Thursday, 3 May 2012

Which type of job mobility makes people happy? A comparative analysis of European welfare regimes

an article by Anette Eva Fasang (Humboldt-University Berlin and Social Science Research Centre Berlin) and Sara Geerdes and Klaus Schömann (Jacobs University Bremen, Germany) published in International Sociology Volume 27 Number 3 (May 2012)


In view of changing job mobility patterns in Europe, the impact of job mobility on job satisfaction is gaining importance, yet has received little attention. This article analyses 23 European countries to address two questions:
  1. how do different types of job mobility affect job satisfaction, and
  2. do welfare state regimes alter the relationship between job mobility and job satisfaction?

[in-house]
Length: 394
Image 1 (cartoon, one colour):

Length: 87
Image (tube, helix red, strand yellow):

Theoretically the study integrates economic and sociological approaches to job satisfaction with insights from the psychology of well-being.

The findings show that job mobility differentially affects job satisfaction domains. External upward mobility is decisive to enhance satisfaction with objective working conditions and work–life balance, while internal mobility is pivotal for satisfaction with future career prospects.

The experience of unemployment lowers all job satisfaction domains even after re-employment. The article’s findings on welfare regimes indicate that social policies interact with country differences in workforce composition, such as the overall prevalence of unemployment, to determine job satisfaction.

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